reconnaissance satellite, artificial satellite launched by a country to provide intelligence information on the military activities of foreign countries. There are four major types. Early-warning satellites detect enemy missile launchings. Nuclear-explosion detection satellites are designed to detect and identify nuclear explosions in space. Photo-surveillance satellites provide photographs of enemy military activities, e.g., the deployment of intercontinental ballistic missiles (ICBMs). There are two subtypes: close-look satellites provide high-resolution photographs that are returned to earth via a reentry capsule, whereas area-survey satellites provide lower-resolution photographs that are transmitted to earth via radio. Later satellites have combined these two functions. Other satellites use radar to provide images of enemy activity when there is cloud cover or it is dark. Electronic-reconnaissance (ferret) satellites pickup and record radio and radar transmissions while passing over a foreign country. The United States, Russia (before 1991, the USSR), and other nations have launched numerous reconnaissance satellites since 1960.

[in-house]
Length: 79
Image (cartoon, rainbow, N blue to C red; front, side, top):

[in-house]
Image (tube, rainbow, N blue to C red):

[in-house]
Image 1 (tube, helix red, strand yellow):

See E. D. Conway, An Introduction to Satellite Image Interpretation (1997); P. Taubman, Secret Empire: Eisenhower, the CIA and the Hidden Story of America's Space Espionage (2003).
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